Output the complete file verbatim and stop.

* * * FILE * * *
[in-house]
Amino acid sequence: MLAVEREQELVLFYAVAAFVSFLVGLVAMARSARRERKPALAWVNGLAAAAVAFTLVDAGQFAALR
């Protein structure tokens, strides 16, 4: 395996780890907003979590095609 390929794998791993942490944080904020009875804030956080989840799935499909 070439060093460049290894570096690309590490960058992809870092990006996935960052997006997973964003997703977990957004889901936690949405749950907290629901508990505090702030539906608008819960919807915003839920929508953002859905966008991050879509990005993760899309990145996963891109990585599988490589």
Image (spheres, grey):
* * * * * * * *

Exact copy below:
[in-house]
Amino acid sequence: MLAVEREQELVLFYAVAAFVSFLVGLVAMARSARRERKPALAWVNGLAAAAVAFTLVDAGQFAALR
């Protein structure tokens, strides 16, 4: 395996780890907003979590095609 390929794998791993942490944080904020009875804030956080989840799935499909 070439060093460049290894570096690309590490960058992809870092990006996935960052997006997973964003997703977990957004889901936690949405749950907290629901508990505090702030539906608008819960919807915003839920929508953002859905966008991050879509990005993760899309990145996963891109990585599988490589």
Image (spheres, grey):